SATURDAY, FEBRUARY 20, 2016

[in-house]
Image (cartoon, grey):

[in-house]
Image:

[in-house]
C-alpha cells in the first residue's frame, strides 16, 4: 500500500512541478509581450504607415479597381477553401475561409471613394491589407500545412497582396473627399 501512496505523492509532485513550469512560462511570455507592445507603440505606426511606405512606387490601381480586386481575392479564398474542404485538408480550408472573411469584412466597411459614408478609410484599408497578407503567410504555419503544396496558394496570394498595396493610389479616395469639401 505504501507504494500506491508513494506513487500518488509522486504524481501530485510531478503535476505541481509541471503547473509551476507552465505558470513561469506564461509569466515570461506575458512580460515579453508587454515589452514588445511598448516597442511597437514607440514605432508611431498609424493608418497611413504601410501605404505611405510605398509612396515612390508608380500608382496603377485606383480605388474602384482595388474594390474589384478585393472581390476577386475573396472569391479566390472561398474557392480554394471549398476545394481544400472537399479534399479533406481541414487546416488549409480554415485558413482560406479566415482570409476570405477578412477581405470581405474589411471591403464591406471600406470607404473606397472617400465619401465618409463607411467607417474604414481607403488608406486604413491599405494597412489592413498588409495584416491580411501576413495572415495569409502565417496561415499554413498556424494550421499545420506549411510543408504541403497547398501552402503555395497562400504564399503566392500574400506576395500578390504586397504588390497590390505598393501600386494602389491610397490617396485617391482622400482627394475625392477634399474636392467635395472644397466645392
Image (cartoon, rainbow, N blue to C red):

National Anthem by .............................................................................................................. Kathleen Clark Judging of Market Hogs.................................................................................................................. 8:30 A.M. Peewee Hog Showmanship Immediately Following (Ages 3 – 7) Judging of Home Show Baked Goods............................................................................................. 9:30 A.M. LOS FRESNOS PRCA RODEO PARADE............................................................................................ 11:00 A.M. Live Bands Under The Tejas Corral Tent...................................................................................... 11:00 A.M. Trail’s End Arts & Crafts Show Opens .......................................................................................... 12:00 P.M. Mechanical Bull, Trampolines & Water Balls Opens Heart of America Carnival Opens.......................................................................................... 12:00 P.M. Live Auction and Sale of Home Show Baked Goods....................................................................... 3:00 P.M. Gator Country Show........................................................................................................................ 4:00 P.M. LOS FRESNOS PRCA RODEO..................................................................................................... 6:00 P.M. Rodeo Girl Trick Riding & Professional Bullfighters Competition Calf Scramble (Grades 6 – 8) & Mutton Bustin (Ages 4 – 7) Fireworks CONCERT IMMEDIATELY AFTER RODEO BY AARON WATSON Gator Country Show........................................................................................................................ 9:00 P.M. Trail’s End Arts & Crafts Show Closes .......................................................................................... 12:00 A.M. Heart of America Carnival Closes................................................................................................. 12:00 A.M.